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|Title:||The future protein decade: perspectives on global pressure to agriculture||Contributor(s):||McGill, Julian (author); Moss, Amy (author) ; Swick, Robert (author) ; Jackson, David (author); Todd, Martin (author)||Publication Date:||2019||Early Online Version:||2019-09-16||DOI:||10.1071/AN19308||Handle Link:||https://hdl.handle.net/1959.11/29222||Abstract:||Most of the world's arable area is sown to either grains or oilseeds, and it is the big movements in the profitability of these crops that determine the pressure on global cropping-area supply. This perspective incorporates publicly available data, primarily from the FAO, to demonstrate some of the shifting pressures on global agriculture. Additionally, it argues that the advent of biofuel policies created additional demand for the area to produce cereal and oil crops from 2002. However, with a slowing demand growth for ethanol biofuels, crops for human and animal consumption will once again become the main driver for crop acreage. In particular, protein crops will be favoured as higher incomes are strongly linked to a greater animal-product consumption. In addition, a shift to a more intensive animal production is further increasing the demand for protein crops. Therefore, we could ultimately see a contraction in cereal crops and much faster growth in oilseeds, albeit from a lower base, as the demand for feed becomes the main driver for global agriculture. Yet, this is occurring during a time in which protein content of the major oil crops has been declining (albeit while yields continue to increase).||Publication Type:||Journal Article||Source of Publication:||Animal Production Science, 59(11), p. 1951-1956||Publisher:||CSIRO Publishing||Place of Publication:||Australia||ISSN:||1836-5787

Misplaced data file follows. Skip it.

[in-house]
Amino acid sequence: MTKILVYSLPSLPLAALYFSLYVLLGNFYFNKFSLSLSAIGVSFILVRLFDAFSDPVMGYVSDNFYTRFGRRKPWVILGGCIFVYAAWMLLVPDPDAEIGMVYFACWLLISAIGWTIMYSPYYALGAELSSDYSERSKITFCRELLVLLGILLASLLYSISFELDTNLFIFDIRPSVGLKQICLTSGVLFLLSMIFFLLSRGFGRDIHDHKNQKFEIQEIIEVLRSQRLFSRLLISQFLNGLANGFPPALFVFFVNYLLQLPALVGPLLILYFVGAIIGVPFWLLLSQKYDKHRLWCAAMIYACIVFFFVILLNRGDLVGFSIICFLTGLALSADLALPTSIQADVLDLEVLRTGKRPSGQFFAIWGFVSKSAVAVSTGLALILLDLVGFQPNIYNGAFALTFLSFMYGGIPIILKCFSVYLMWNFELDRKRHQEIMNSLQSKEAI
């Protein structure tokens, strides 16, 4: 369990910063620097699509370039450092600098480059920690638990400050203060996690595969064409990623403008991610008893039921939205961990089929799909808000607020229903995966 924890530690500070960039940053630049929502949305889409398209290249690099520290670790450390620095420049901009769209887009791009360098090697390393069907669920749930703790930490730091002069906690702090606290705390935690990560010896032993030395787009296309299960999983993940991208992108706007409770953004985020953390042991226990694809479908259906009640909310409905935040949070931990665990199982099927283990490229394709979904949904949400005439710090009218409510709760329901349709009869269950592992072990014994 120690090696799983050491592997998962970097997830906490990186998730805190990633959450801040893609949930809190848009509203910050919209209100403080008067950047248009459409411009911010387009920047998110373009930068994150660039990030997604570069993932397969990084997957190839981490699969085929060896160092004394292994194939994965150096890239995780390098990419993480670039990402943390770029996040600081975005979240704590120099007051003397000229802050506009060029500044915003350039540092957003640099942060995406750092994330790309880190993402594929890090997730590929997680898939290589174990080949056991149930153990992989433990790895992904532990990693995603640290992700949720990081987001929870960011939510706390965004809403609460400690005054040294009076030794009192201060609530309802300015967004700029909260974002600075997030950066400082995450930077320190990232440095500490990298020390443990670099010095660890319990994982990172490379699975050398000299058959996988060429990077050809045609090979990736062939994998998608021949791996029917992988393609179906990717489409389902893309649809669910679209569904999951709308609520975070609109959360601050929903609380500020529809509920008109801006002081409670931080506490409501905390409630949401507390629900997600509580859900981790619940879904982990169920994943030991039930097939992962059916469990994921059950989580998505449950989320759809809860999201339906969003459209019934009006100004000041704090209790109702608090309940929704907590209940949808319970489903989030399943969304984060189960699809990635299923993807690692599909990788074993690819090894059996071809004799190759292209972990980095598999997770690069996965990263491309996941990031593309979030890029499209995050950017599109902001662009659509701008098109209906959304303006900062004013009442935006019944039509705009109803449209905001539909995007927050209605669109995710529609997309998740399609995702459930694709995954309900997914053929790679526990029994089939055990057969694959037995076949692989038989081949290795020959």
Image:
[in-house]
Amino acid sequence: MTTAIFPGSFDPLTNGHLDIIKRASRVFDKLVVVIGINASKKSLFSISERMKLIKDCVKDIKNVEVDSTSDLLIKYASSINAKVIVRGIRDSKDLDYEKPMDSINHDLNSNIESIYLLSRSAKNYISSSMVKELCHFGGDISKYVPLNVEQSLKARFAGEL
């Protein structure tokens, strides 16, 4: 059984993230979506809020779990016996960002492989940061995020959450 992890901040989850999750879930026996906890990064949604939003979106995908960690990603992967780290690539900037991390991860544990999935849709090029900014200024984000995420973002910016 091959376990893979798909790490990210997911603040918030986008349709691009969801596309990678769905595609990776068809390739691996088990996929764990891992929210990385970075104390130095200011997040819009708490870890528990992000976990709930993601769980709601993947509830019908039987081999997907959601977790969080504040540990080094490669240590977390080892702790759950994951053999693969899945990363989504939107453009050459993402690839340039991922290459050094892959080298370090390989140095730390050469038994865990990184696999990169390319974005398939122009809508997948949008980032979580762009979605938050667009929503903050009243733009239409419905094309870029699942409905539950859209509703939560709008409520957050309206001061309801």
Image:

|Field of Research (FOR):||070204 Animal Nutrition||Socio-Economic Objective (SEO):||830503 Live Animals||Peer Reviewed:||Yes||HERDC Category Description:||C1 Refereed Article in a Scholarly Journal|
|Appears in Collections:||Journal Article|
School of Environmental and Rural Science
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